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CDC vaccine advisers vote on which groups should receive COVID-19 vaccine first

Health care workers and long-term care facility residents are likely to be immunized first

Photo (c) bojanstory - Getty Images
Vaccine advisers to the U.S. Centers for Disease Control and Prevention (CDC) have voted to immunize health care workers and people in long-term care facilities against COVID-19 first when a treatment officially becomes available. 

On Tuesday, the Advisory Committee for Immunization Practices (ACIP) voted 13-1 to include these two groups in “Phase 1a” of the CDC’s proposed COVID-19 vaccine distribution timeline. 

Officials from the ACIP said these “exceptionally high risk” groups should be first in line to receive any COVID-19 vaccine that gets emergency authorization from the FDA. So far, two vaccines -- one from Pfizer and one from Moderna -- have been found in clinical trials to be both safe and highly effective. 

If both are approved, the government says 40 million doses could be available in the U.S. by the end of December. However, the CDC said it expects between 5 million and 10 million doses to become available each week for the first few months while manufacturers ramp up production. 

"We expect a constrained supply environment," the CDC’s Sara Oliver said at Tuesday’s meeting.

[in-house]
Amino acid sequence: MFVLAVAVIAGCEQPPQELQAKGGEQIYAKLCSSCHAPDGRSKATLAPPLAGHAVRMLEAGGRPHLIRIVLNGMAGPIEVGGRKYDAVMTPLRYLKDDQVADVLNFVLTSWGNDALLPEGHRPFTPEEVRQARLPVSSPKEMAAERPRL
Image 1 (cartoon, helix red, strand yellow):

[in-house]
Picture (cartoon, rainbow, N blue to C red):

Vaccinating high-risk groups first

The CDC has defined long-term care facility residents as “adults who reside in facilities that provide a variety of services, including medical and personal care, to persons who are unable to live independently.” These residents account for 40 percent of the deaths linked to COVID-19. 

While these vulnerable individuals receive COVID-19 vaccines, health officials say it would be practical to also vaccinate those working in the care facilities. Health authorities say anybody who works within a health care facility that could have contact with someone who has the virus should also be immunized as soon as possible. 

"That includes individuals such as the persons delivering food, those persons in housekeeping who rapidly turn over rooms in the emergency room or who perform cleaning in the patient's rooms,” ACIP chairman Dr. Jose Romero told CNN. 

According to the four-phase vaccine distribution plan currently being considered by the CDC and ACIP, the next groups in line to receive vaccines after health care workers and long-term care facility residents would be essential workers (such as food production workers), emergency personnel, and people who are likely to experience severe COVID-19 complications or death.

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